University of Minnesota

“If It Isn’t Fun.” – Part 11 – The American Heart Association’s Council on Epidemiology

Fred Epstein’s and my 1995 history of the tortuous journey in the development of “our” scientific council of the American Heart Association (AHA) began as follows:*

“Cardiovascular disease (CVD) epidemiology is a relatively new field that developed along with the growing burden of heart disease among Western industrial countries following World War II. Uniquely, the field was initiated not by epidemiologists but by clinicians and laboratory scientists most familiar with the manifestations and mechanisms of those diseases. These investigators became epidemiologists because they had to — to satisfy their curiosity about the changing frequency, and the associations and major population causes of coronary heart disease (CHD). These questions, and the need for sound methods to study them, brought investigators together in the 50s, and the organization that responded to their needs was the then-fledgling AHA, operating through its newly formed Scientific Council.

But the realization of a formal scientific council for epidemiology was neither easy nor simple. Rather, it was a long, upstream journey of 15 years, carried mainly by the AHA Council on Community Service and Education and its committees on Epidemiological Studies and on Criteria and Methods. The initiative remained for years a victim of the tension in the early national AHA among the expansionists, who favored the public health, public education, lay representation role for the AHA, versus the contractionists who emphasized the strictly scientific, clinical and professional aspects of the association. The protectionism of some AHA leaders against invasion by new specialty interests also weighed against the wider view for AHA held by a few: that it must include prevention science and community service as well as bench and clinical science.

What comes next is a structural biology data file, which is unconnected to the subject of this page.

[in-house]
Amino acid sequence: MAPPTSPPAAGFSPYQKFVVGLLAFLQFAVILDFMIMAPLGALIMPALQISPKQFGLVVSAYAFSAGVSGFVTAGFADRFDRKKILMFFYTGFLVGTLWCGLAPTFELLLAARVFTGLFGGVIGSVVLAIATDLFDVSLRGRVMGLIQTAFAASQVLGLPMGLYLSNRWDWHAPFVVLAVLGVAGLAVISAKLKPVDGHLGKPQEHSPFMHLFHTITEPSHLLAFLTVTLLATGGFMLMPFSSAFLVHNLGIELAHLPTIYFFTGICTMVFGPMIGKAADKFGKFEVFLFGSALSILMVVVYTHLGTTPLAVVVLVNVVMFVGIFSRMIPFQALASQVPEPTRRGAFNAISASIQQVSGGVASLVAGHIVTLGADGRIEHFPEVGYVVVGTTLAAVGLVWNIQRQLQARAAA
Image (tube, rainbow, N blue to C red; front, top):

Systematic population studies of CVD got under way in the late ’40s and early ’50s in several centers, including Framingham, Minneapolis, Albany, Chicago, Evans County, Georgia, Charleston, and Los Angeles, among others. The urgent need for methods and criteria brought the investigators together as much as did the scientific ideas themselves. They held meetings on their science and its methods throughout the ’50s and ’60s, providing the impetus for a more formal council made up of physicians, epidemiologists, statisticians, social scientists, anthropologists, and geneticists. This mixed brew fermented quite well.

But in those days, among the AHA Scientific Councils, a genuine concern developed over proliferation of splinter groups. The conservative element mustered this concern to defeat the new council status for epidemiology. Meanwhile, we, the epi bunch, continued to meet annually to present “work in progress,” and we created an active Committee on Criteria and Methods. Then, in 1964, the fortuitous joining of a sympathetic retiring AHA president, Carleton Chapman, with an actively involved incoming president, Oley Paul, created a renewed impetus for council status in the national organization. This view eventually prevailed.

The AHA Council on Epidemiology and Prevention has for 30 years gone about its task in prevention science and policy. It now has 1,100 members and a well-functioning committee structure. It stays influential by effective communications in its scientific conferences, in directed efforts in research and new methods, in fostering training, including the Lake Tahoe Ten-day Seminar, in interactions with the heart association nationally, and with the National Heart, Lung, and Blood Institute, World Health Organization, the International Society and Federation of Cardiology, and the American College of Cardiology, and, finally, in public advocacy for prevention and public health research and policy. The council is now a vigorous organization and a major force for sound public policy in the prevention of heart disease and the promotion of health.”

And much more. The council has long been the collegial and organizational and spiritual center of our field.

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